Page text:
Every fifth day, Hisashi Iwakuma shows up on the mound, ready to work, arriving as scheduled like my local mail carrier That hasn’t always been the case. His seasons in 2014-15 were both shortened by injury. That history is what led the Dodgers to have second thoughts about signing him in the off-season and made him available to the M’s.
That doesn’t mean every outing is perfect. Like the mail, sometimes there are flaws in his game. Sometimes my mail is mangled, sometimes it’s late. There are games when Iwakuma doesn’t have his best stuff. He’s had some short outings, and he’s had some wretched starts, as all pitchers do. His July 29 outing against the Cubs was Iwakuma’s shortest of the year, lasting only three innings while allowing 8 hits and 5 runs. But, in his 22 starts, ‘Kuma has averaged just over 6 innings per game.
Despite occasional glitches, Iwakuma shows up for each scheduled start, throwing his mix of breaking balls and cutters to both sides of the plate, fastballs at the top of the strike zone, making batters look as foolish as a guy throwing 88 mph can. Yes, sometimes we have to hide our eyes when he makes a mistake, and David Ortiz (or a reasonable facsimile thereof) begins calculating his air miles, as Big Papi did on a shot off ‘Kuma on June 17th in Boston. Iwakuma has allowed 20 dingers so far in 2016.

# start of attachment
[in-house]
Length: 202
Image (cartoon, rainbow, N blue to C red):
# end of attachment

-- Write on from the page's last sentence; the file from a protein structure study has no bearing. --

Last night was no different. Iwakuma went 7.1 innings, allowed 5 hits, 0 runs, 0 walks and struck out 7 against the visiting Red Sox. Mariner batters supported him with three solo home runs by Nelson Cruz, Mike Zunino, and Adam Lind. M’s hitters provided only one other hit off Boston starter Rick Porcello, a single by Mike Zunino leading off the 8th inning. Iwakuma left the game after allowing a single to Anthony Benintendi, having thrown a workmanlike 97 pitches.
Iwakuma left the drama to righty reliever Drew Storen and new closer Edwin Diaz. Storen came in and quickly gave up a single to Mookie Betts. Though he got Brock Holt to hit a popup, the next batter, Xander Bogaerts hit a titanic fly ball that left fielder Nori Aoki caught on the warning track. I thought it was out of the yard, and it was “here we go again” time.
Diaz entered the game in the ninth inning in his second game as M’s closer-designee. He looked magnificent striking out the dangerous Ortiz. But then he seemed to have a little melt-down out there. He allowed a single to Jackie Bradley, Jr., hit the next batter, Aaron Hill and wild pitched them both into scoring position with one out. Facing the tying run got Travis Shaw and Sandy Leon to ground out, allowing one run to score. M’s win 3-1.
Two quick observations. Iwakuma, without question is the Mariners best starting pitcher at this moment. He’s made all of his starts, has been relatively consistent, and though he’s had his struggles with home runs, he’s improved as the season has progressed. He was last night’s player of the game, without question. Diaz, though he muddled through the 9th inning, did in fact muddle through it. Closing is a tough job. We like to think a closer comes in, gets his three outs and that’s it. News for you, Mariano Rivera was a mortal and blew saves. Every year. Smyth’s Maxim: Everybody can close, until they can’t. Right now, Diaz can.
Last game of this series tonight with new pitcher Ariel Miranda on the mound for the Mariners. Better watch. Go M’s